The Obama administration has officially notified Congress that it will soon begin negotiations on a comprehensive trade agreement with the European Union (EU), with June 2013 as the target date for opening formal negotiating sessions. But the groundwork for these negotiations actually began more than a year ago, with the administration seeking input from affected industries.

“This announcement is the end result of more than a year of deliberation and consultation with industries that have an interest in a potential EU trade agreement,” says Thad Lively, senior vice president for trade access with the U.S. Meat Export Federation (USMEF). “We have had several opportunities to provide input on issues surrounding red meat trade, and that will continue to be the case as this process unfolds.”

U.S. beef exports to the EU have a troubled history, mostly centered around Europe’s insistence that beef comes strictly from non-hormone treated cattle (NHTC). Despite a World Trade Organization (WTO) ruling in favor of the U.S., this restriction has remained in place. An agreement allowing a limited quantity of high-quality beef into the EU market at zero duty was struck in 2009.

Europe’s in-quota duty on imported, high-quality beef is generally 20%, so this lowered the cost of entry for NHTC beef and offset some of the higher production and documentation costs for U.S. producers. The results have been positive for the U.S. beef industry, as high-quality, grain-fed product has been well-received in the EU. But the cost of serving this market and Europe’s sluggish economy have made it difficult to achieve substantial growth.

Could a U.S.-EU trade agreement bring significant change? Lively says that won’t be easy, but the upcoming negotiations certainly represent a rare opportunity for progress.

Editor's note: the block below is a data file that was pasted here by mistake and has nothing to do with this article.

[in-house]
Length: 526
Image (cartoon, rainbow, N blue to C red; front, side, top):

“Both sides have committed upfront to dealing with all issues, even the aspects of agricultural trade that have proven so difficult in the past,” he explains. “Everything’s on the table, which gives those of us in agriculture a possible avenue for progress – which has frankly been very difficult to achieve when dealing with difficult issues like the EU hormone ban in isolation.”

With European leaders anxious to reach an accord that will provide a boost for the region’s unsteady economy, Lively expects the EU to offer some level of improved access for U.S. beef. Whether this additional access results in significant export growth, however, is much less certain.

“For me, the key question is whether we will gain access for the beef that’s being produced across the U.S. today, or if access will remain limited to what is essentially a specialty product,” he said. “We ship some NHTC beef to Europe today, and this is a nice business. But frankly, it’s a small business and it’s difficult to envision it becoming anything more than that under the current restrictions. It remains to be seen whether Europe is willing to address some of the long-standing issues that have limited trade, such as the hormone ban.”

 

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Some are skeptical that European consumers would purchase non-NHTC beef even if it was available in their market. While this is a legitimate question, Lively says this is a consumer preference issue that shouldn’t prevent the market from opening.

“Currently we’re not able to answer the basic question of what consumers in Europe really want,” he says. “We can’t really make that determination as long as U.S. products are excluded from the market based on regulations that we feel – and the WTO agrees – are not adequately supported by science.”

A better system is one that opens the market to all products that are deemed safe, and then allows consumers to decide which products they prefer.

“U.S. consumers do that every day, and the market responds accordingly,” Lively says. “Retailers, restaurants and even fast-food establishments are able to differentiate their product according to certain attributes, but it’s consumers who decide which items to purchase rather than having the government make that decision for them.”

 

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